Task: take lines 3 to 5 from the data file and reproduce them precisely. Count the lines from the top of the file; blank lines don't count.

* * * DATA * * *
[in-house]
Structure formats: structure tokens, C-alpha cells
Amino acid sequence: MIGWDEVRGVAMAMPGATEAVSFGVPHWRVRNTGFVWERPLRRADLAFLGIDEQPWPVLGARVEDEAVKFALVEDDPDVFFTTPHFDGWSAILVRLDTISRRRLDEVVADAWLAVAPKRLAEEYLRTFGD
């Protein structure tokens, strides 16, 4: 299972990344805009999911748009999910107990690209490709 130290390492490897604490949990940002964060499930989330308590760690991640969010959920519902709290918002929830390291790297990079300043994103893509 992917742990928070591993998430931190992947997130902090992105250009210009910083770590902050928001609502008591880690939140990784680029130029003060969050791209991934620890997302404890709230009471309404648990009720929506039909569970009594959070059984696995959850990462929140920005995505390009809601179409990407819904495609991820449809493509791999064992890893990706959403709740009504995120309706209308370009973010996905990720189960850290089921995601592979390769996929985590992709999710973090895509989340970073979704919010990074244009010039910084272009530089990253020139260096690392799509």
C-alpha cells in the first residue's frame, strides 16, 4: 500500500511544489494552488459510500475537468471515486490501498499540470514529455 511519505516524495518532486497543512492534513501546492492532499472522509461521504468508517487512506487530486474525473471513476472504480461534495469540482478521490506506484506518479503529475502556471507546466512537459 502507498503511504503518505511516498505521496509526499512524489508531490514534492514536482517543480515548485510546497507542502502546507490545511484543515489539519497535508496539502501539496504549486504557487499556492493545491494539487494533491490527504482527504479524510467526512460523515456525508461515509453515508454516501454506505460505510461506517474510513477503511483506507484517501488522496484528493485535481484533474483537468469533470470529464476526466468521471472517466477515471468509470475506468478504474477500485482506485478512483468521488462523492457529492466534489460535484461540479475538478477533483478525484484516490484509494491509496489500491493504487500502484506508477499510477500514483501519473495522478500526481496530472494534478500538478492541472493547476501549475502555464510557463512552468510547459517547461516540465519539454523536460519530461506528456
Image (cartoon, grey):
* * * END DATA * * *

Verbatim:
Amino acid sequence: MIGWDEVRGVAMAMPGATEAVSFGVPHWRVRNTGFVWERPLRRADLAFLGIDEQPWPVLGARVEDEAVKFALVEDDPDVFFTTPHFDGWSAILVRLDTISRRRLDEVVADAWLAVAPKRLAEEYLRTFGD
């Protein structure tokens, strides 16, 4: 299972990344805009999911748009999910107990690209490709 130290390492490897604490949990940002964060499930989330308590760690991640969010959920519902709290918002929830390291790297990079300043994103893509 992917742990928070591993998430931190992947997130902090992105250009210009910083770590902050928001609502008591880690939140990784680029130029003060969050791209991934620890997302404890709230009471309404648990009720929506039909569970009594959070059984696995959850990462929140920005995505390009809601179409990407819904495609991820449809493509791999064992890893990706959403709740009504995120309706209308370009973010996905990720189960850290089921995601592979390769996929985590992709999710973090895509989340970073979704919010990074244009010039910084272009530089990253020139260096690392799509």
C-alpha cells in the first residue's frame, strides 16, 4: 500500500511544489494552488459510500475537468471515486490501498499540470514529455 511519505516524495518532486497543512492534513501546492492532499472522509461521504468508517487512506487530486474525473471513476472504480461534495469540482478521490506506484506518479503529475502556471507546466512537459 502507498503511504503518505511516498505521496509526499512524489508531490514534492514536482517543480515548485510546497507542502502546507490545511484543515489539519497535508496539502501539496504549486504557487499556492493545491494539487494533491490527504482527504479524510467526512460523515456525508461515509453515508454516501454506505460505510461506517474510513477503511483506507484517501488522496484528493485535481484533474483537468469533470470529464476526466468521471472517466477515471468509470475506468478504474477500485482506485478512483468521488462523492457529492466534489460535484461540479475538478477533483478525484484516490484509494491509496489500491493504487500502484506508477499510477500514483501519473495522478500526481496530472494534478500538478492541472493547476501549475502555464510557463512552468510547459517547461516540465519539454523536460519530461506528456